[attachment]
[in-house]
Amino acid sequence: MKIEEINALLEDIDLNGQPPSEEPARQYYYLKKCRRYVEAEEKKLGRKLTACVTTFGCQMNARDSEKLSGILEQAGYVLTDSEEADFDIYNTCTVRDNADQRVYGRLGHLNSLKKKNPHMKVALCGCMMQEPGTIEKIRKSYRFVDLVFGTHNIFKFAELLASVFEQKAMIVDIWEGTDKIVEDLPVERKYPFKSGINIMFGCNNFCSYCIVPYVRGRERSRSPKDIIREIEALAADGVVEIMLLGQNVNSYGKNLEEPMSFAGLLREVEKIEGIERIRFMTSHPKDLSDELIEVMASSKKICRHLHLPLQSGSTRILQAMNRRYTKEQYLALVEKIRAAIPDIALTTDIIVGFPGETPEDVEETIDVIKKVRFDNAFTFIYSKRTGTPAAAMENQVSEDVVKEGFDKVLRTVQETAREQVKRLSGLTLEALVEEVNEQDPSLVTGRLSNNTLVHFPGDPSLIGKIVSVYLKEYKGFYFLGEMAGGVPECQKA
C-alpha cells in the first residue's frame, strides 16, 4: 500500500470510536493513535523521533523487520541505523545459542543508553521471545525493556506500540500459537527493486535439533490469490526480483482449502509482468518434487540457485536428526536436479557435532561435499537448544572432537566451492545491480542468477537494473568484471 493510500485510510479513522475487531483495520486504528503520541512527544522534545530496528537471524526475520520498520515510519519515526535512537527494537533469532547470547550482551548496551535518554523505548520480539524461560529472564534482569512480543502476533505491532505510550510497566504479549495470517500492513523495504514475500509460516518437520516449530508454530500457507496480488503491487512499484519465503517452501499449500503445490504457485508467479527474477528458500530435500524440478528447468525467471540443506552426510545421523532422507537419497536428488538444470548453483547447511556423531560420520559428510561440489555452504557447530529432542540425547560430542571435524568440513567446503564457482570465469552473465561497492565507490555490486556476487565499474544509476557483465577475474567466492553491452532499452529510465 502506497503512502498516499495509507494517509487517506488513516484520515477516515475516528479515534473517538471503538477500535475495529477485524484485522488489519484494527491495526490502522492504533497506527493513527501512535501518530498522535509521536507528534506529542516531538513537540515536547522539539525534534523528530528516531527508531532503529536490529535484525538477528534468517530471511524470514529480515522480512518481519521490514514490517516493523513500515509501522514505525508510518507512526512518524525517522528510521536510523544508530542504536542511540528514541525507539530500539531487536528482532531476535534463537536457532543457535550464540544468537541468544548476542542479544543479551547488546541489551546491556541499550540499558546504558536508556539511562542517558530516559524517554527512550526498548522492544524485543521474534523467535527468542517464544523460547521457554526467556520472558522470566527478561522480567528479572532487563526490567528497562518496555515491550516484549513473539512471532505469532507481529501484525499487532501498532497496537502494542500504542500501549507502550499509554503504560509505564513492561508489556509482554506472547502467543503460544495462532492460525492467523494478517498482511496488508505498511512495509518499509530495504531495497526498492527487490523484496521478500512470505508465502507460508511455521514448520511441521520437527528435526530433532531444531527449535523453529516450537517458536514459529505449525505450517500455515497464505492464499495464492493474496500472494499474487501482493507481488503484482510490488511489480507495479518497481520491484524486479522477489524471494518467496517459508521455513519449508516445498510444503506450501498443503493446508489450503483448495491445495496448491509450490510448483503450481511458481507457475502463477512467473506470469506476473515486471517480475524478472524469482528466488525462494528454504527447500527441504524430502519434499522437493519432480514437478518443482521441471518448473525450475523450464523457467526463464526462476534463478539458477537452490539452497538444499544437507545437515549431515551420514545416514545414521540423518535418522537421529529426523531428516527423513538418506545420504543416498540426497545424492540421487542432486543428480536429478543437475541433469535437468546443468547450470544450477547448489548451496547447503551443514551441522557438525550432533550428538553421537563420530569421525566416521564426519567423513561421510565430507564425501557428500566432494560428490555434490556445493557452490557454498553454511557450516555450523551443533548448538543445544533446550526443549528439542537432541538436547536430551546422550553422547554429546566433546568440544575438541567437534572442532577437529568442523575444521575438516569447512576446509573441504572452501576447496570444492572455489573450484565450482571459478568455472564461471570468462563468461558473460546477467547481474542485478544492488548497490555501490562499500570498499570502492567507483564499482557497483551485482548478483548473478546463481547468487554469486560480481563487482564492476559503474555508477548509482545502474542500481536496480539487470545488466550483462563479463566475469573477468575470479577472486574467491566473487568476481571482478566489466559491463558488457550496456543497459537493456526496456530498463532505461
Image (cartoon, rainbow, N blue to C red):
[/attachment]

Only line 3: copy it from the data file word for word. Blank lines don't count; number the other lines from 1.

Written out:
C-alpha cells in the first residue's frame, strides 16, 4: 500500500470510536493513535523521533523487520541505523545459542543508553521471545525493556506500540500459537527493486535439533490469490526480483482449502509482468518434487540457485536428526536436479557435532561435499537448544572432537566451492545491480542468477537494473568484471 493510500485510510479513522475487531483495520486504528503520541512527544522534545530496528537471524526475520520498520515510519519515526535512537527494537533469532547470547550482551548496551535518554523505548520480539524461560529472564534482569512480543502476533505491532505510550510497566504479549495470517500492513523495504514475500509460516518437520516449530508454530500457507496480488503491487512499484519465503517452501499449500503445490504457485508467479527474477528458500530435500524440478528447468525467471540443506552426510545421523532422507537419497536428488538444470548453483547447511556423531560420520559428510561440489555452504557447530529432542540425547560430542571435524568440513567446503564457482570465469552473465561497492565507490555490486556476487565499474544509476557483465577475474567466492553491452532499452529510465 502506497503512502498516499495509507494517509487517506488513516484520515477516515475516528479515534473517538471503538477500535475495529477485524484485522488489519484494527491495526490502522492504533497506527493513527501512535501518530498522535509521536507528534506529542516531538513537540515536547522539539525534534523528530528516531527508531532503529536490529535484525538477528534468517530471511524470514529480515522480512518481519521490514514490517516493523513500515509501522514505525508510518507512526512518524525517522528510521536510523544508530542504536542511540528514541525507539530500539531487536528482532531476535534463537536457532543457535550464540544468537541468544548476542542479544543479551547488546541489551546491556541499550540499558546504558536508556539511562542517558530516559524517554527512550526498548522492544524485543521474534523467535527468542517464544523460547521457554526467556520472558522470566527478561522480567528479572532487563526490567528497562518496555515491550516484549513473539512471532505469532507481529501484525499487532501498532497496537502494542500504542500501549507502550499509554503504560509505564513492561508489556509482554506472547502467543503460544495462532492460525492467523494478517498482511496488508505498511512495509518499509530495504531495497526498492527487490523484496521478500512470505508465502507460508511455521514448520511441521520437527528435526530433532531444531527449535523453529516450537517458536514459529505449525505450517500455515497464505492464499495464492493474496500472494499474487501482493507481488503484482510490488511489480507495479518497481520491484524486479522477489524471494518467496517459508521455513519449508516445498510444503506450501498443503493446508489450503483448495491445495496448491509450490510448483503450481511458481507457475502463477512467473506470469506476473515486471517480475524478472524469482528466488525462494528454504527447500527441504524430502519434499522437493519432480514437478518443482521441471518448473525450475523450464523457467526463464526462476534463478539458477537452490539452497538444499544437507545437515549431515551420514545416514545414521540423518535418522537421529529426523531428516527423513538418506545420504543416498540426497545424492540421487542432486543428480536429478543437475541433469535437468546443468547450470544450477547448489548451496547447503551443514551441522557438525550432533550428538553421537563420530569421525566416521564426519567423513561421510565430507564425501557428500566432494560428490555434490556445493557452490557454498553454511557450516555450523551443533548448538543445544533446550526443549528439542537432541538436547536430551546422550553422547554429546566433546568440544575438541567437534572442532577437529568442523575444521575438516569447512576446509573441504572452501576447496570444492572455489573450484565450482571459478568455472564461471570468462563468461558473460546477467547481474542485478544492488548497490555501490562499500570498499570502492567507483564499482557497483551485482548478483548473478546463481547468487554469486560480481563487482564492476559503474555508477548509482545502474542500481536496480539487470545488466550483462563479463566475469573477468575470479577472486574467491566473487568476481571482478566489466559491463558488457550496456543497459537493456526496456530498463532505461